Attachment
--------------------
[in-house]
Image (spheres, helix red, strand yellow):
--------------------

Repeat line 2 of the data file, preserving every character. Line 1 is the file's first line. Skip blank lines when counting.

Image (spheres, helix red, strand yellow):